Board independence protects firms from corporate misconduct

January 02, 2019

The more a company's board is independent from management, the less likely it will become entangled in corporate misconduct, according to new findings, from a meta-analysis of 135 studies, published in The Journal of Management. The site of independence also matters. Independence on the audit committee particularly shelters firms from misconduct, researchers found. At the same time, accepted levels of corruption in countries where firms are located can overpower the effects of board independence on misconduct.

The study is the first to evaluate the link between board independence and misconduct worldwide, and to compare the effectiveness of three different "sites" of independence: the board overall, the audit committee and CEO-chair separation, said Corinne Post, professor of management at Lehigh University. Post co-authored the paper "Board Independence and Corporate Misconduct: A Cross-National Meta-Analysis" with Andrew Ward of Lehigh University and lead authors François Neville of McMaster University and Kris Byron of Georgia State University. The study is the first to meta-analyze the relationship between board independence and misconduct.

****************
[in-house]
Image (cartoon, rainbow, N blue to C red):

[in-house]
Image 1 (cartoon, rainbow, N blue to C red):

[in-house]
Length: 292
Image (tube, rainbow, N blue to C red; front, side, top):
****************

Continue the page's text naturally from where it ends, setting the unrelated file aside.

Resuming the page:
"Examining board independence in relation to misconduct is important, given the far-reaching negative consequences of misconduct," the researchers said. "Corporate misconduct damages firm reputation, increases employee turnover, harms customers and other stakeholders, and ultimately incurs losses for shareholders."

Independence to curb misconduct